The Year in Review

By Mark Thill

Amazon on My Mind

Year-end reviews are supposed to recap events of the year just passed and glean wisdom from them. But the events of the year 2017 are forcing me to look forward at least as much as backward. That says something about the pace of change today.

In September, for example, Boston-based Day Zero Diagnostics was selected as the winner of the 2017 MedTech Innovator competition at The MedTech Conference. The company combines genome sequencing and machine learning to combat antimicrobial-resistant infections, enabling physicians to switch from broad-spectrum antibiotic therapy to a targeted antibiotic in hours rather than days. Talk about the future.

Then in October, the American Medical Association announced an online platform designed to bring physicians and health tech companies together to develop and improve healthcare technology solutions. The Physician Innovation Network is an online community where physicians can connect with companies and entrepreneurs who are seeking physician input in the development of healthcare technology products and services. Sounds like a crowdsourcing variation-on-a-theme.

And by now we all have heard about Amazon’s intent to dive into the healthcare supply chain. This fall, it was reported that the company was obtaining wholesale pharmacy licenses in states across the country.

Bots can do it
Amazon is definitely on the mind of Richard Zane, M.D., professor of emergency medicine and chief innovation officer for UCHealth in Aurora, Colo. Speaking at the 59th Annual Meeting of the American Society of Radiation Oncology (ASTRO) in San Diego, Zane said he believes that the digital revolution – wearables, the cloud, bots – may save healthcare. It’s an industry ripe for disruption by companies such as Amazon, in terms of money spent, money wasted, and old ways of doing things that contribute little to better health, he said. Not to mention that healthcare has about the same safety profile as bungee jumping. “We kill almost 440,000 Americans a year,” he said.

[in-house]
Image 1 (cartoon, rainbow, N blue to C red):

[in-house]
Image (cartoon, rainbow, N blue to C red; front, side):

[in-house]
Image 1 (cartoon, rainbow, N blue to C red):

Zane believes that Amazon will bring its “last mile revolution” not just to the delivery of medical devices and pharmaceuticals, but to medical care itself. It will be joined by companies like Google, whose Project Baseline is studying how wearables can redefine what a healthy and unhealthy human looks and acts like.

When you speak about the potential of wearables, you’re talking about a continuous stream of data, providing accurate, reliable information about a person’s physical and emotional state of being, Zane pointed out. That’s great. Problem is, not even the best, smartest doctor or other diagnostician can process all that information and make good on-the-spot medical decisions. But bots can, said Zane.

Imagine an automated attendant listening to an asthmatic patient’s complaint of a respiratory ailment, processing his medical history, getting a reading on current atmospheric conditions (such as pollen count, humidity, etc.), and then making a recommendation for how that patient should navigate his or her day. Maybe Alexa can help?

But if – or when – we come to rely on bots or automated systems to make diagnostic and prescriptive decisions, where does that leave tomorrow’s physician? And closer to home, will bots be making product decisions for providers? If so, what will be the role of the sales rep or the contracting executive? And will we – gulp – need journalists to make sense of it all?

Yes, it’s safe to say that Zane has Amazon on his mind. So should we all.

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